Do Resources Matter? An Analysis of instructional Spending On College Readiness Indicators in Texas

Document Type


Degree Name

Doctor of Education (Ed.D)


Educational Administration

Date of Award

Fall 2012


Expectations and legislation have placed new accountability measures on educators to ensure that students are college ready upon high school graduation. Research was necessary to analyze the relationship between instructional spending and college readiness measures as reported on the Academic Excellence Indicator System (AEIS) in Texas. The purpose of this study was to determine whether or not a relationship existed between instructional spending and college readiness as measured by the exit-level Texas Assessment of Knowledge and Skills (TAKS) English language arts assessment and the math exit-level TAKS assessment. The study included the majority of K-12 public school districts in the state of Texas for the 2010-2011 school year. The descriptive statistics determined if a correlation existed between the levels of instructional spending per student and the percentage of students scoring at the college readiness level on exit-level TAKS. A multiple regression analysis, specifically a product moment correlation, was utilized to determine if a statistically significant relationship existed between the variables defined in the study. To gain further insight, college readiness advisors were interviewed concerning their perceptions of what makes a student college ready. With the push for college readiness to be achieved by all students, the topic of funding adequacy has been and will continue to be an issue. The information collected in this study adds to the existing limited body of knowledge related to college readiness. Although this research concluded there was no statistically significant relationship between instructional spending amounts and the college ready graduate measures on the 2011 AEIS reports, there are still viable implications regarding college readiness. The researcher provided additional research in the area of college readiness and perceptions of what was needed for students to be college ready. This research will be beneficial for future planning for curricular and budgetary functions of public school districts. Therefore, this research purports relevancy for legislators, administrators, taxpayers and educators at both the high school and college level.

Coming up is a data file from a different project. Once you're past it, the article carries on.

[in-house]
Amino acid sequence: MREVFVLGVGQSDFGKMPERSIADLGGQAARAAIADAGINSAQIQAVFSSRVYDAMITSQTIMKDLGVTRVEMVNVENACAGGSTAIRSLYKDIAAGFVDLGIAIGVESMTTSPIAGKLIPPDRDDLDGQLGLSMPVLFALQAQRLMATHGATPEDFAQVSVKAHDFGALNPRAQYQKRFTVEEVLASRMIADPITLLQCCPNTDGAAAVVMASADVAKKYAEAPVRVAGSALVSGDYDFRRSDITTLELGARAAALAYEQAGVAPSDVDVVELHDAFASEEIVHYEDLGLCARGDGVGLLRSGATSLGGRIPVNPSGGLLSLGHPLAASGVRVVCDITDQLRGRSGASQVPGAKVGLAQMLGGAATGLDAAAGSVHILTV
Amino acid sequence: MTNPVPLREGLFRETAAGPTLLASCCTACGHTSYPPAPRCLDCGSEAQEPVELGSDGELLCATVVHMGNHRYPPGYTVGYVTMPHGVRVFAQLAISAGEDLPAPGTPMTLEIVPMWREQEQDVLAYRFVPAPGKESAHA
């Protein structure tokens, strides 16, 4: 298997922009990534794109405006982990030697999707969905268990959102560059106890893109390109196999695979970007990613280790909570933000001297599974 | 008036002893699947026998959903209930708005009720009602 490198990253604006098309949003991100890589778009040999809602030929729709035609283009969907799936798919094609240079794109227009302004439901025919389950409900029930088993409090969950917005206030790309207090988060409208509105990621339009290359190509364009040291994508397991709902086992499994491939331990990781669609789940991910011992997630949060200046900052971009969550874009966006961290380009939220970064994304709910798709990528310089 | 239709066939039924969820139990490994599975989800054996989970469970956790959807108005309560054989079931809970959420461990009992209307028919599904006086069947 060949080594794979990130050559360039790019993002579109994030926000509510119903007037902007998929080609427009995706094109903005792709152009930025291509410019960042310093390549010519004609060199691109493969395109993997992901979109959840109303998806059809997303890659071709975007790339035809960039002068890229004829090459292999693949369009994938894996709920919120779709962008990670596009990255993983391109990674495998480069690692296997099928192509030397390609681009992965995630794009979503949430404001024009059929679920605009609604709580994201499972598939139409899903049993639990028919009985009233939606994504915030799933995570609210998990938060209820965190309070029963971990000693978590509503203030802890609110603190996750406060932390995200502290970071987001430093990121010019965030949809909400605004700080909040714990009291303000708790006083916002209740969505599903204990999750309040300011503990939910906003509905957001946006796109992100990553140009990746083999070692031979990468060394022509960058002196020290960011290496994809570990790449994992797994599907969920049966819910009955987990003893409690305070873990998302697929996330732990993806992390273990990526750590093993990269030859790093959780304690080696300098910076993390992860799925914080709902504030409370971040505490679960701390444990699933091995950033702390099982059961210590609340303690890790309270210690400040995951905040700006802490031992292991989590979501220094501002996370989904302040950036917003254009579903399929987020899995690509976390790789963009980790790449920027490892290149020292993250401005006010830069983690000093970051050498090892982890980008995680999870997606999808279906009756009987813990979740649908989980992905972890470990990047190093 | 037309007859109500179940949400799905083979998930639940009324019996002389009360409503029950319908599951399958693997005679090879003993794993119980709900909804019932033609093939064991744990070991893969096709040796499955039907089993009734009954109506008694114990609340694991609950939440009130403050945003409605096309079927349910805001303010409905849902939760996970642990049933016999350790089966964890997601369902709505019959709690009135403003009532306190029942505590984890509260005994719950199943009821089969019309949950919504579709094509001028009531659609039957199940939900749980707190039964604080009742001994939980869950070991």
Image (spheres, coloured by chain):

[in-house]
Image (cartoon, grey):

Casey Brown

Subject Categories

Education | Educational Administration and Supervision